When she passed and I went back there for the memorial service, my father asked my sister and I to clean our mother's things out of their apartment. He could not bear to see them there without her. My sister and I attempted to do that, but as we went through her clothing, we both fell apart and could not continue. My parents were in assisted living. When the staff saw how difficult this was for us, they took over. We donated all of my mother's clothing and other personal items to a local charity. I am sure things like this will also be difficult for you. Talking with your mother about these kinds of things, ahead of time, will help you do what you know she would want and you will have more peace, when the time comes to do these things. I am glad you live near your mother. Spend as much time with her as you can, do whatever makes her comfortable, and encourage her to help you make these tough decisions before her time comes. If she does not have a will yet, try to help her do that.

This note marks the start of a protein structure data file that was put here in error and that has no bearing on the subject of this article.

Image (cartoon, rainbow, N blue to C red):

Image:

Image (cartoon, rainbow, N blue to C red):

The conflicting emotions you are feeling are very normal. Losing a mother is one of the most difficult things any of us will face. You will have highs and lows for a long time. Get as much family and friend support as you can. I am so proud of you for writing about this before your mother passes. I have not seen that on this site before. It shows your strength. What you are dealing with is called anticipatory grief. Keep allowing your emotions to flow out. The more you do that, the better it will be in helping you to get through all of this. Do I sound like a counselor? That's because I am one, but more than that, I have been where you are. I am also mourning the loss of 3 other loved ones. Getting through this is tough for everyone and we all need support. I wish you well. Don't forget to take care of yourself. I send you many hugs.

Mar 07, 2013
by: Rey

Thank you, Doreen and Pat.

Yesterday, I went on leave from work and spent the day with her. I took a lounge chair from my house and took it hers and I'm happy she feels very comfortable in it.